“It is a fashion, a fury,” reported Mme de Sévigné in 1696 of the French court’s ecstatic response to the introduction, from Italy, of a new vegetable: green peas. “Impatience to eat them, the pleasure of having eaten them, the joy of eating them again, are the three questions which have occupied our princes for the last four days.” For many New York dance fans, William Forsythe was last spring’s dish of petit pois. The New York City Ballet gave us a generous first serving with the premiere of Forsythe’s Behind the china dogs, 1988, as part of the American Music Festival. Seconds and thirds were

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  • Jim Isermann

    Josh Baer Gallery

    Los Angeles–based artist Jim Isermann works according to the dictates of his own taste. Neither issue nor idea-oriented, he comes close to being an artist of pure sensibility. His objets d’art and furniture have a look informed by the biomorphic abstraction of the ’50s and the Op art of the ’60s, and by those movements’ ability to inject futuristic optimism into the American home. Isermann’s installations are not self-conscious exercises in recontextualization (design carrying the ideological baggage of art), but efforts toward remembrance and preservation. Isermann is a nostalgic Candide,

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  • Gary Bachman

    Wolff Gallery

    In his recent installation Gary Bachman amassed a monumental array of 1,000 drawings, all culled from dictionary illustrations. He copied each illustration by hand, using ink on paper in an 8-by-10-inch format, then hung these “plates” on panels in groups of 25. The entire series is alphabetized from beginning to end by the name of the subject. Although the work of a single illustrator comprises its source material, Bachman’s project differs from other, more typical appropriation gestures in that the source itself is decidedly generic, with the question of authorship largely a matter of

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  • Michael Corris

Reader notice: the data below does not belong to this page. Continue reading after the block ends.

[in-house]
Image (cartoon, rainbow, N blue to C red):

American Fine Arts

    Michael Corris’ typographic compositions have shown up regularly in group shows over the past several seasons. Operating as witty mnemonics, his arrangements often took on polemical resonance in relation to the seamless field of new objects against which they were presented. Like the acerbic friend you can’t take anywhere but do, despite your better judgment, these works couldn’t keep their mouths shut. Corris’ graphically elegant manipulations of appropriated and original texts persistently veered in the direction of complexity, tactlessly drawing attention to the historical evasions that

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  • Joan Fontcuberta And Pere Formiguera

    MoMA - The Museum of Modern Art

    “On August 7, 1955, Professor Peter Ameisenhaufen drove alone to the north of Scotland. Three days later his car was found on the coast, near a cliff. His body was never found. . . . ” Thus, in mysterious fashion, ended the career of an obscure German zoologist who had spent his life discovering and classifying hitherto unknown species of world fauna. Did he commit suicide, or was he killed by one of the creatures he conjured into human consciousness? In any case, his disappearance is not without trace; what remains is the “Fauna” series: fragments of his archives of personal memorabilia, and

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  • Kevin Larmon

    Nature Morte

    Kevin Larmon’s recent paintings demonstrate a more pronounced luminosity than did his earlier works. Larmon has removed the dark blanket of black tones that once served as a backdrop for his hovering, iconic fruit bowls. He has held on to the fruit bowls themselves, and uses them as strange signifiers of typical still lifes, complete with connotations of painting’s history. The highly stylized arrangement of a saucer dish balancing what looks like a pear and an apple has become a signature element of Larmon’s art. This fruit bowl floats almost arbitrarily on densely layered grounds covered with

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  • Ericka Beckman

    Bess Cutler Gallery

    Through a series of color photographs and corresponding light- and sound-cues, Ericka Beckman transformed a room in this gallery into an uncommon environment that demonstrated the connection between technological processes and human learning. Each of the five large C-prints features one of the “Nanotech” players, hybrid creations of light and motion (captured by prolonged camera exposures), which resemble proposed robot designs from the ’50s. Beckman, a filmmaker, is acutely aware of photographic possibilities, and she explores them with imagination and wit. Beckman stresses the significance of

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  • Kiki Smith

    Fawbush Gallery